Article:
There were dissenting voices that did not root for the Mexican-American war especially from the northerners. The Northern Whigs opposed this engagement by Pres Polk since they believed there was an absence of truthfulness and constitutionality in the president’s action(Clay). They maintained Pres Polk failed to sufficiently disclose the encroachment by American troops was the cause of the engagement by the Mexican military on the American soldiers. Some of the dissenting voices based their fears on the possible increase in slave states.

Justification of the Mexican- American Conflict

The war took place during the period where America was expanding, and the wheels of revolution could not be stopped. In my personal opinion, I believe America’s deeds in the conflict were justified. My belief is based on the opportunities America was willing to offer to the new territories that were in Mexico. In the spirit of “manifest destiny,” America was going to benefit politically and economically(Clay). Subsequently, the inhabitants of the territories would not be left behind, and they were going to benefit from the same. America possessed a stable economy and established institutions which had the capacity of proving for the existing population, and it was generous enough to accommodate the new entrances.


At the beginning of this paper, a few questions were raised regarding the Mexican-American war. For the essay to provide an understanding of the thesis statements highlighted in the onset, the piece has provided a distinct outlook of the conflict between US and Mexico in 1845. It is essential to note as expressed in the essay, the war took place from April 1846 to February 1848, when the “Treaty of Guadalupe” was signed. The paper has keenly stated and answered the key questions raised at the beginning of the writing. It has identified the key issues that were raised by the Northern Whigs who were against the move by President Polk in his quest for manifest destiny. The paper has vividly articulated the origin of “manifest destiny” which was an idea upheld by Pres Polk’s administration which was evident from the declaration of war against Mexico.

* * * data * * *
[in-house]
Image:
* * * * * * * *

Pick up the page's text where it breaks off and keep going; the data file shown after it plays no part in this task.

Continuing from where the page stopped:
Work Cited

A-War-President-Progressive-Democracy-Presidential-Campaign-1848-E9BED7.Jpg (JPEG Image, 1300 × 1110 Pixels) – Scaled (35%). http://c8.alamy.com/comp/E9BED7/a-war-president-progressive-democracy-presidential-campaign-1848-E9BED7.jpg. Accessed 9 Nov. 2017.

Clay, Henry. Speech on the Mexican-American War. Accessed 9 Nov. 2017.

Gast, John. Picturing US History – John Gast, American Progress, 1872. Accessed 9 Nov. 2017.

HarpWeek | American Political Prints 1766-1876 | Medium Image. http://loc.harpweek.com/LCPoliticalCartoons/IndexDisplayCartoonMedium.asp?SourceIndex=People&IndexText=&UniqueID=2&Year=1846. Accessed 9 Nov. 2017.

Plucked or, The Mexican Eagle before the War! The Mexican Eagle after the War! 1847, //www.loc.gov/pictures/resource/cph.3a01957.

President Polk’s Address to Congress, May 11, 1846. Accessed 9 Nov. 2017.